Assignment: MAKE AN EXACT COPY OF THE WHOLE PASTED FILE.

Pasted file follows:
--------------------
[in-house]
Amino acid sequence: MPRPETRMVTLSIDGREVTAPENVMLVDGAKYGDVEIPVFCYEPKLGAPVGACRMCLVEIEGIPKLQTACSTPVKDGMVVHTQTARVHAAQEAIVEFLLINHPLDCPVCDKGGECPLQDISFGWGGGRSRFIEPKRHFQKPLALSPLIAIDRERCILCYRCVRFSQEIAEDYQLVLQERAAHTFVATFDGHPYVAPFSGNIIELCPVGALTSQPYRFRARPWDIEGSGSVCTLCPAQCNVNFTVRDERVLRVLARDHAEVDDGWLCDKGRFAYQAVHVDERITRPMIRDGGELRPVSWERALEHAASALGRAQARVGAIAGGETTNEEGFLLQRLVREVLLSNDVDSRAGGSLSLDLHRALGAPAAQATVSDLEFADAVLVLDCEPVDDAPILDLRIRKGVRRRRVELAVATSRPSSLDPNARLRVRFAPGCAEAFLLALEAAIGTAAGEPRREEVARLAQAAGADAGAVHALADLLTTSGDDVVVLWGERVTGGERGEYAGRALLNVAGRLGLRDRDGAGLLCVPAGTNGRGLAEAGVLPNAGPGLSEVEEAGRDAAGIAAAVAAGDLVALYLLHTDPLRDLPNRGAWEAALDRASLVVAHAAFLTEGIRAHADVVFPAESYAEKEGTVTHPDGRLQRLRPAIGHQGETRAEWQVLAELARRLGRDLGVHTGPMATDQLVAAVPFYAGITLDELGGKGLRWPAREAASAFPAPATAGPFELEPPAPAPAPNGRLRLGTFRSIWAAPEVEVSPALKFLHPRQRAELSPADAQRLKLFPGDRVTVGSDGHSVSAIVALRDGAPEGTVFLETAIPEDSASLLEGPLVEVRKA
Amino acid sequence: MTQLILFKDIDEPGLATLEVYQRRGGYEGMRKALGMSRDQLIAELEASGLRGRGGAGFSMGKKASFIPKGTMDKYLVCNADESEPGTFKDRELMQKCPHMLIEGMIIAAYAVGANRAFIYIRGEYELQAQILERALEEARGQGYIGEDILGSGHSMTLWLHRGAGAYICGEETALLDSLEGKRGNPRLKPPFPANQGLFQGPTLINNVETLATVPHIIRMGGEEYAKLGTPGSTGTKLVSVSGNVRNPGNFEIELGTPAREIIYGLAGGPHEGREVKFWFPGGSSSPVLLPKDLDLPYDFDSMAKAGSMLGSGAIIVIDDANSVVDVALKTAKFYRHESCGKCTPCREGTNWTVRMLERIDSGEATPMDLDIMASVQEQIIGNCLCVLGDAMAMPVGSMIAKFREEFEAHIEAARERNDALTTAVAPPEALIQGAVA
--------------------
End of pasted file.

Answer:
[in-house]
Amino acid sequence: MPRPETRMVTLSIDGREVTAPENVMLVDGAKYGDVEIPVFCYEPKLGAPVGACRMCLVEIEGIPKLQTACSTPVKDGMVVHTQTARVHAAQEAIVEFLLINHPLDCPVCDKGGECPLQDISFGWGGGRSRFIEPKRHFQKPLALSPLIAIDRERCILCYRCVRFSQEIAEDYQLVLQERAAHTFVATFDGHPYVAPFSGNIIELCPVGALTSQPYRFRARPWDIEGSGSVCTLCPAQCNVNFTVRDERVLRVLARDHAEVDDGWLCDKGRFAYQAVHVDERITRPMIRDGGELRPVSWERALEHAASALGRAQARVGAIAGGETTNEEGFLLQRLVREVLLSNDVDSRAGGSLSLDLHRALGAPAAQATVSDLEFADAVLVLDCEPVDDAPILDLRIRKGVRRRRVELAVATSRPSSLDPNARLRVRFAPGCAEAFLLALEAAIGTAAGEPRREEVARLAQAAGADAGAVHALADLLTTSGDDVVVLWGERVTGGERGEYAGRALLNVAGRLGLRDRDGAGLLCVPAGTNGRGLAEAGVLPNAGPGLSEVEEAGRDAAGIAAAVAAGDLVALYLLHTDPLRDLPNRGAWEAALDRASLVVAHAAFLTEGIRAHADVVFPAESYAEKEGTVTHPDGRLQRLRPAIGHQGETRAEWQVLAELARRLGRDLGVHTGPMATDQLVAAVPFYAGITLDELGGKGLRWPAREAASAFPAPATAGPFELEPPAPAPAPNGRLRLGTFRSIWAAPEVEVSPALKFLHPRQRAELSPADAQRLKLFPGDRVTVGSDGHSVSAIVALRDGAPEGTVFLETAIPEDSASLLEGPLVEVRKA
Amino acid sequence: MTQLILFKDIDEPGLATLEVYQRRGGYEGMRKALGMSRDQLIAELEASGLRGRGGAGFSMGKKASFIPKGTMDKYLVCNADESEPGTFKDRELMQKCPHMLIEGMIIAAYAVGANRAFIYIRGEYELQAQILERALEEARGQGYIGEDILGSGHSMTLWLHRGAGAYICGEETALLDSLEGKRGNPRLKPPFPANQGLFQGPTLINNVETLATVPHIIRMGGEEYAKLGTPGSTGTKLVSVSGNVRNPGNFEIELGTPAREIIYGLAGGPHEGREVKFWFPGGSSSPVLLPKDLDLPYDFDSMAKAGSMLGSGAIIVIDDANSVVDVALKTAKFYRHESCGKCTPCREGTNWTVRMLERIDSGEATPMDLDIMASVQEQIIGNCLCVLGDAMAMPVGSMIAKFREEFEAHIEAARERNDALTTAVAPPEALIQGAVA